ARGUMENT

1. Petitioner contends (Pet. 8-12) that the 1990 amendment to the regulatory definition of the term "facility" was adopted in violation of applicable notice-and-comment requirements, and that the alleged procedural error requires reversal of his convictions. That argument lacks merit.

Under 42 U.S.C. 7607(b)(1), direct judicial review of the 1990 regulatory amendment was available if petitioner had filed a petition for review in the District of Columbia Circuit within 60 days after the rule was promulgated. Section 7607(b)(2) provides that "[a]ction of the Administrator with respect to which review could have been obtained under [Section 7607(b)(1)] shall not be subject to judicial review in civil or criminal proceedings for enforcement." 42 U.S.C. 7607(b)(2). In Adamo Wrecking, this Court held that, while a criminal defendant could contend that a particular regulation was not an "emission standard" subject to the preclusion provision, the statutory predecessor to Section 7607(b)(2) foreclosed judicial inquiry in a criminal prosecution into "whether the Administrator has complied with appropriate procedures in promulgating the regulation in question." 434 U.S. at 285. That holding controls this case.

Petitioner argues (Pet. 9) that a different preclusion rule should govern in this case because he has raised an as-applied Commerce Clause challenge to the regulatory definition of the term "facility." Petitioner contends (ibid.) that "[f]undamental principles of fair play and due process are offended when a defendant is held not to have a right to challenge an invalid law that is being used to criminally punish him or her." This Court has held, however, that Congress may require challenges to particular agency regulations to be brought in a specified court within 60 days after promulgation, and may preclude collateral challenges to the regulations in any subsequent criminal prosecution, without denying the defendant due process of law. See Yakus v. United States, 321 U.S. 414, 433-434 (1944).2

In any event, the court of appeals did not hold that Section 7607(b)(2) barred petitioner from arguing that application of the Clean Air Act to his own intrastate conduct exceeded Congress's powers under the Commerce Clause. Rather, the court held only that Section 7607(b)(2) precluded consideration of petitioner's claim that the 1990 regulatory amendment was adopted in a procedurally defective manner. That holding is clearly correct under Adamo Wrecking. The fact that petitioner has asserted a separate constitutional challenge does not entitle him to raise his procedural claim in an untimely fashion, and in a court other than the District of Columbia Circuit.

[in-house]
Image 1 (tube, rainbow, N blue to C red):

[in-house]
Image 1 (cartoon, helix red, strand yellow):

In addition, petitioner does not contest the court of appeals' determination that "the hospital satisfies the pre-1990 definition of 'facility' because [petitioner] purchased it and removed the asbestos for commercial purposes, and the definition did not exclude previously abandoned buildings." Pet. App. 37 n.22. Petitioner therefore would not be entitled to reversal of his criminal convictions even if his procedural challenge to the 1990 regulatory amendment could properly be raised within this prosecution, and even if that challenge were ultimately found to have merit. For that reason as well, the court of appeals' application of Section 7607(b)(2) to the facts of this case does not warrant this Court's review.

2. Petitioner contends (Pet. 12-15) that application of the Clean Air Act and implementing regulations to his own conduct exceeds Congress's authority under the Commerce Clause. That claim lacks merit. Since Wickard v. Filburn, 317 U.S. 111 (1942), this Court has recognized that purely intrastate commercial activity can be regulated under the Commerce Clause if, when aggregated with similar activity by others, the intrastate conduct has a substantial effect on interstate commerce. Wickard's holding was reaffirmed in United States v. Lopez, 514 U.S. 549, 560-561 (1995), and in United States v. Morrison, 529 U.S. 598, 610-613 (2000).3